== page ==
OK, I’m not a huge fan of Yasujirô Ozu. I recognize his place in world cinema, but I’ve never warmed to his work on a personal level, I don’t care for his restrained style—and I don’t accept the idea that everything he made was of great importance. (If you’re an Ozu completist, sure, but otherwise, no.) Good Morning (1959) is a case in point. It feels a lot like a throwback to the silent I Was Born, But… (1932) with a slightly different set of concerns. It’s a pleasant little slice of life story set primarily in a small middle-class neighborhood—a nice enough place, so long as you don’t scandalize anyone. Unfortunately, the neighborhood’s one “showbiz” family are a scandal—in part because they stay in their pajamas all day. They also own the only TV set in the area, making them popular with the local children. It is this TV business that ultimately drives the plot about two boys refusing to speak until their rather reactionary father buys a TV. This is all pretty typical Ozu with its concerns over the Westernization of Japan, but the tone is lighter and more playful, Much of the film is actually given over to the amusing relations and backbiting among the neighborhood women. There’s also a good bit devoted to the employment problem in the area. This, in fact, is shrewdly brought around as a means for the father to settle the TV issue without, in his own mind, losing face. A pleasant film, but hardly a great one.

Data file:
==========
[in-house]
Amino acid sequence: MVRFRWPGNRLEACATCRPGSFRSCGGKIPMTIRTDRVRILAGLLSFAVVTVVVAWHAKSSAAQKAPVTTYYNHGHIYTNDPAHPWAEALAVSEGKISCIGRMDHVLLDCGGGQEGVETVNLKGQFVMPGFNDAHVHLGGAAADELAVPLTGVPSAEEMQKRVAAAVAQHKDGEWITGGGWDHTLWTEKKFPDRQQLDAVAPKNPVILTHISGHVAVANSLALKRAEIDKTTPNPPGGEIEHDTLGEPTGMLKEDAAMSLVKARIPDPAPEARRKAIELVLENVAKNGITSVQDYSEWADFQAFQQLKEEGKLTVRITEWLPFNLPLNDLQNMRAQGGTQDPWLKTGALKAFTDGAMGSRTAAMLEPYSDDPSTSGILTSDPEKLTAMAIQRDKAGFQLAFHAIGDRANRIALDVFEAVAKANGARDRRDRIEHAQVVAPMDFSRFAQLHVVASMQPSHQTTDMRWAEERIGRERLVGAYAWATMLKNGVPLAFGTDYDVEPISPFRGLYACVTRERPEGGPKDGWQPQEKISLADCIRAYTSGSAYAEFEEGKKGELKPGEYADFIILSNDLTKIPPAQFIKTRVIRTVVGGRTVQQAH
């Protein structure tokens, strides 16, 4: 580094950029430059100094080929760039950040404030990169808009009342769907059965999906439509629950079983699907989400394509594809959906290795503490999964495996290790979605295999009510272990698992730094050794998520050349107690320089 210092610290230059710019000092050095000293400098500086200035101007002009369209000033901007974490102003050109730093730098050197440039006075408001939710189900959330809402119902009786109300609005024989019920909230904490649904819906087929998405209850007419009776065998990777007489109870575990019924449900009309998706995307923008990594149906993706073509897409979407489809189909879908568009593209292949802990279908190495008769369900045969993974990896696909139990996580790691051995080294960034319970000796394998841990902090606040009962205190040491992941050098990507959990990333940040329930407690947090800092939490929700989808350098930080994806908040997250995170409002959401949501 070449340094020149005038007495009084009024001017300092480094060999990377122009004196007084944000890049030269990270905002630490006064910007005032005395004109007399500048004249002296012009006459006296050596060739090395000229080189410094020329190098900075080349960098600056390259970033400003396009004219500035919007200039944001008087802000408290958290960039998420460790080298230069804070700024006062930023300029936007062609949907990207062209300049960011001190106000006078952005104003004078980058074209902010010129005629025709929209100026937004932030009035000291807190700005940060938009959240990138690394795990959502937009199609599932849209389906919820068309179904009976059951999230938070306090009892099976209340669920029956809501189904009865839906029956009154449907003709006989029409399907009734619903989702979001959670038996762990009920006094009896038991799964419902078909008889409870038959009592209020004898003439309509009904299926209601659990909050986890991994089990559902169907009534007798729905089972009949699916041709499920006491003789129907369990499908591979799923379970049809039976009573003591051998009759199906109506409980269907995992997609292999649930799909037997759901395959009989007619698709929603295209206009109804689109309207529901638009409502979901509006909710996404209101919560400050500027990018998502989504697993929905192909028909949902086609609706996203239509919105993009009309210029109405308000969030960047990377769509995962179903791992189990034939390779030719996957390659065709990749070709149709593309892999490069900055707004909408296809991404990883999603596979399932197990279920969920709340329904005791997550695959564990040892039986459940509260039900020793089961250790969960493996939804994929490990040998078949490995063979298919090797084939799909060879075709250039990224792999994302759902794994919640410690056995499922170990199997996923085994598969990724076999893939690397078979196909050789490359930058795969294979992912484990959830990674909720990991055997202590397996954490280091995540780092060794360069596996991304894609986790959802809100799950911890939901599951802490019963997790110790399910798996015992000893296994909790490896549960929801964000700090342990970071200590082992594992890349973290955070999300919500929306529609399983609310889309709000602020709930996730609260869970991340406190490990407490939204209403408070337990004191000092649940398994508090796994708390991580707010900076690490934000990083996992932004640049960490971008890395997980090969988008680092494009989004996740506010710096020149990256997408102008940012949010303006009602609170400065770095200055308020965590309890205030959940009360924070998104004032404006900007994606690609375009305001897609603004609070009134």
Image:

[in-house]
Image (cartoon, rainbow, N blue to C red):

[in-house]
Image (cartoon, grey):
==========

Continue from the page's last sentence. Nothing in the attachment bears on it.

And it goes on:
Classic World Cinema by Courtyard Gallery will present Good Morning Friday, March 28, at 8 p.m. at Phil Mechanic Studios, 109 Roberts St., River Arts District (upstairs in the Railroad Library). Info: 273-3332, www.ashevillecourtyard.com